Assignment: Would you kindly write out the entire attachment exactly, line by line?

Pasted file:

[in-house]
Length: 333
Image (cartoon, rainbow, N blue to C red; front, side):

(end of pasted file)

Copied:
[in-house]
Length: 333
Image (cartoon, rainbow, N blue to C red; front, side):